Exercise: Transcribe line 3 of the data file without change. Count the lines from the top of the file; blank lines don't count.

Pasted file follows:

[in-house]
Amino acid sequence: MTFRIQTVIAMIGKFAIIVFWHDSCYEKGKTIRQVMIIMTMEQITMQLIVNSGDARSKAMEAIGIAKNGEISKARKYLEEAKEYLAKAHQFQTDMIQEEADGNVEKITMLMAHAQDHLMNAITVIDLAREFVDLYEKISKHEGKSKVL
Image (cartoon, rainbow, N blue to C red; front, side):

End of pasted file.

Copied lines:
Image (cartoon, rainbow, N blue to C red; front, side):